Logan Drew Schiendelman had an epiphany. According to Logan’s grandmother, Virginia Gebo, who raised him since childhood, the epiphany had something to do with himself, something he needed to work through. That was the morning of May 19, 2016, when the two had that conversation. Logan Schiendelman has never been seen again.
The search for 19-year-old Logan Schiendelman started 25 miles away from where he lived with his grandmother in her Turnwater home in Washington State.
9-1-1 calls had came in to the Thurston County Sheriff’s Office even before Logan was reported missing. Callers claimed a car, Logan’s 1996 convertible Chrysler Sebring, was spotted swerving across three lanes on Interstate 5 heading towards Rochester, where it crashed into the median, and stopped on the shoulder at milepost 92.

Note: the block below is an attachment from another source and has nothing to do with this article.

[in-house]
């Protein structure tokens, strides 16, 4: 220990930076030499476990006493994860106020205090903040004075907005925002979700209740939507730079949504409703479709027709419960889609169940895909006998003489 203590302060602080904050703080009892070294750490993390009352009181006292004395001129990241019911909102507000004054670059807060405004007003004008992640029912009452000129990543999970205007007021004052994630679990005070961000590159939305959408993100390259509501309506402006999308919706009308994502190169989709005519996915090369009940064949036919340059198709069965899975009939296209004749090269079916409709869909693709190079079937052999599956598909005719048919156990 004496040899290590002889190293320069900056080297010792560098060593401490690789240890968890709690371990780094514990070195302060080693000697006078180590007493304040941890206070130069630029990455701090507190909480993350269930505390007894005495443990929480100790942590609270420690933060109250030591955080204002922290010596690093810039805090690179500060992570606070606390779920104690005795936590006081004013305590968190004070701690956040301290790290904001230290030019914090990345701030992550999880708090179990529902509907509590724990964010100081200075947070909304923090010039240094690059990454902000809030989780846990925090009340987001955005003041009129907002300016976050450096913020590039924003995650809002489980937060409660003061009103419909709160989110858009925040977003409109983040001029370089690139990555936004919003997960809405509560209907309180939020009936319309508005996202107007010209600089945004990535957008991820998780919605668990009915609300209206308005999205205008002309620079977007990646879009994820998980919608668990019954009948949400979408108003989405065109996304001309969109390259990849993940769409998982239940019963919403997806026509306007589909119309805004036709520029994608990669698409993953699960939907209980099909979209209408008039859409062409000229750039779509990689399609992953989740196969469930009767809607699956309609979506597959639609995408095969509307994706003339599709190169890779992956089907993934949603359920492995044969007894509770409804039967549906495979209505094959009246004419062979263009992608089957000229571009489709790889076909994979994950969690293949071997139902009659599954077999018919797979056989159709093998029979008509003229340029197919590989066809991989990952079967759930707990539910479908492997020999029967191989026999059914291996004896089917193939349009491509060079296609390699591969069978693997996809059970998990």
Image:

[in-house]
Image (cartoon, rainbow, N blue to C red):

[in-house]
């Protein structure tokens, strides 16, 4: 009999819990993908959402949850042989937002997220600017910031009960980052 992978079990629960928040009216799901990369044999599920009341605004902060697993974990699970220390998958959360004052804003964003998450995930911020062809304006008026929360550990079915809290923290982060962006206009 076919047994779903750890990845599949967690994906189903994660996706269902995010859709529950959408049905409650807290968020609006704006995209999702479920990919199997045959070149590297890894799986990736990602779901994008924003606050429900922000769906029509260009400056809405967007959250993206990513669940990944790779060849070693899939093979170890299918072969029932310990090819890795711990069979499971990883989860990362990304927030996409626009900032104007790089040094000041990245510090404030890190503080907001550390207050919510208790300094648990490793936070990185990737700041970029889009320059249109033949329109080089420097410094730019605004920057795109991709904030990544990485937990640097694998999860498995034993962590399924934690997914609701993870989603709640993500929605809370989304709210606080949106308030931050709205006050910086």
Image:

None of the call-ins mentioned a driver, but did claim that a man, in no way resembling Logan Schiendelman, jumped out from the passenger’s side and headed into the wooded area. A trucker with more of a birdseye view claimed that the other callers didn’t mention a driver, because there was none. Just a single passenger, a white guy with brown or red hair, who escaped through the woods.
When police searched the sedan, they found Schiendelman’s wallet containing his driver’s license, twenty-five dollars in cash, and his cell-phone.
This was Logan’s Schiendelman’s car, but who was the man running from it?
Was the truck-driver mistaken, and were there actually two men in the vehicle?
Police also found a bag of recently purchased snack foods which still stood upright on top of the center console, the posture of the bag, police surmised, would show that a driver did not cross over the center of the vehicle, which would of certainly spilled the bag and its contents on the car’s floor.